Part 13 – [Geraldton : An Alternative History]

View of Geraldton “downtown” in July 1936 looking southeast, with smoke from Geraldton Fire. On the L, the Presbyterian Church and Murphy’s Lunch (soon renamed Geraldton Tea Room) are prominent. Note the open sewer ditches and ramps spanning them. No side streets yet graded. On the R, the Goldfield Taxi (Mascotto bros. garage). The bulk of the townsite is out of frame, consisting of Geraldton North (area north of the tracks), and farther south, the Johnsonville/Jonesville townsite on the north shore of Barton Bay, Kenogamisis Lake. All photos from Greenstone History Collection.


Geraldton was nearly wiped out by fire in the summer of ’36
shortly after the townsite was founded. The dry weather of
June caused the fire hazard[,] and July 4[,] the first fire
was reported about a half mile from the southwest end of Little
Long Lac. This fire was put out. About two hours later the second
fire started and by afternoon the third . These two later fires[,]
one to the north, the other just south of town[,] eventually burned
12,000 acres of land in [an 8-square-mile] area.

All the buildings at Hardrock Station were consumed and the
people evacuated to Geraldton. The CNR had a train ready and
waiting to evacuate Geraldton. All the important papers of the
town[,] including several safes[,] were put aboard. An empty box
car was available for people to store their furnishing in should
evacuation be necessary. Many people did and all must have
been honest, because, when the fire was out and each had
picked up their belongings[,] there was one lonely mattress left.

View of Second Avenue Southeast in July 1936 looking east, with smoke from Geraldton Fire. Out of frame to the L is Dreamland Dance Hall. Note the log buildings with tarpaper roofs. The ungraded street features stumps.

The people living at the various mine townsites treated the
emergency different. Some [buried] their valuables by digging
holes in the ground, then took refuge underground. At Little
Long Lac[,] the mine provided the scow and people carried their
furniture down to the [wharf]and loaded it on the scow. One funny
thing happened that eventful day. Alice Budd was struggling along
the path with her beautiful large [Victrola] (record player)[.
When] she was [too] tired to make it all the way to the scow[,] she
set it down[, put] on a record and wound up the machine. The
balance of the furniture was loaded on the scow to the great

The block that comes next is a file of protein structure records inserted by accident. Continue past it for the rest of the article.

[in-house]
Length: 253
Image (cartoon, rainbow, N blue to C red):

[Scottish] music of Sir Harry Lauder. Each person returning to
from the scow stopped to crank the machine to keep it going.

View of Little Long Lac mine in 1936 from the bridge over Barton Bay looking southwest. The mine has been operating since 1934. Hydro infrastructure in place. From L to R, two bunkhouses, the huge mill, headframe, water tower, and on the lakeshore, an office/staff house (square, two-storey building). The bridge accesses Mine Road all the way to MacLeod/Hardrock mines, and the Bankfield Highway (Arena Road).

The fully loaded scow along with many people from Little Long
Lac townsite [were] then towed out into the middle of Lake Kenogamisis.
There it sat all the long [smoky] day until the fire subsided
at sunset. Some of the people from Little Long Lac were
able to get to the Jonesville and Pineridge areas of town ,where
fire protection was made available with pumps and water hoses
from the lake.

The people at [MacLeod] mine [dismantled] the bunks from the
bunk houses and submerged them in the lake. They carefully laid
the [mattresses] on boards at the shore. The bunks survived the
soaking to be used again, but, alas[,] the mattresses were all

The wind changed and the homes at the townsites were safe[,]
but the fire was proceeding towards Jonesville. The people from
Jonesville journeyed to Little Long Lac Townsite to visit their
friends who had so recently stayed with them during a crisis.
Eventually the rains came and the fire was stopped[. It] was
[July 24,1936,] twenty days from the start of the fire.

There was a great building boom at the various townsites
as the miners rebuilt their meager (sic) homes. A house in those days
was more or less four walls and a roof. With so many people
building[,] there was a shortage of lumber and many houses were
occupied [before] there was [sufficient] lumber available to put
in a floor. As the family size increased[,] the owner added another
room .

A sidebar . . .

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